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  5. null (Ed.)
    Cold seeps and hydrothermal vents are seafloor habitats fueled by subsurface energy sources. Both habitat types coexist in Guaymas Basin in the Gulf of California, providing an opportunity to compare microbial communities with distinct physiologies adapted to different thermal regimes. Hydrothermally active sites in the southern Guaymas Basin axial valley, and cold seep sites at Octopus Mound, a carbonate mound with abundant methanotrophic cold seep fauna at the Central Seep location on the northern off-axis flanking regions, show consistent geochemical and microbial differences between hot, temperate, cold seep, and background sites. The changing microbial actors include autotrophic and heterotrophic bacterial and archaeal lineages that catalyze sulfur, nitrogen, and methane cycling, organic matter degradation, and hydrocarbon oxidation. Thermal, biogeochemical, and microbiological characteristics of the sampling locations indicate that sediment thermal regime and seep-derived or hydrothermal energy sources structure the microbial communities at the sediment surface. 
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  6. Abstract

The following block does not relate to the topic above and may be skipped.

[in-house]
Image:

Methane (CH4) release to the atmosphere from thawing permafrost contributes significantly to global CH4emissions. However, constraining the effects of thaw that control the production and emission of CH4is needed to anticipate future Arctic emissions. Here are presented robust rate measurements of CH4production and cycling in a region of rapidly degrading permafrost. Big Trail Lake, located in central Alaska, is a young, actively expanding thermokarst lake. The lake was investigated by taking two 1 m cores of sediment from different regions. Two independent methods of measuring microbial CH4 production, long term (CH4accumulation) and short term (14C tracer), produced similar average rates of 11 ± 3.5 and 9 ± 3.6 nmol cm−3 d−1, respectively. The rates had small variations between the different lithological units, indicating homogeneous CH4production despite heterogeneous lithology in the surface ~1 m of sediment. To estimate the total CH4production, the CH4production rates were multiplied through the 10–15 m deep talik (thaw bulb). This estimate suggests that CH4 production is higher than emission by a maximum factor of ~2, which is less than previous estimates. Stable and radioactive carbon isotope measurements showed that 50% of dissolved CH4in the first meter was produced further below. Interestingly, labeled14C incubations with 2‐14C acetate and14C CO2indicate that variations in the pathway used by microbes to produce CH4depends on the age and type of organic matter in the sediment, but did not appear to influence the rates at which CH4 was produced. This study demonstrates that at least half of the CH4produced by microbial breakdown of organic matter in actively expanding thermokarst is emitted to the atmosphere, and that the majority of this CH4is produced in the deep sediment.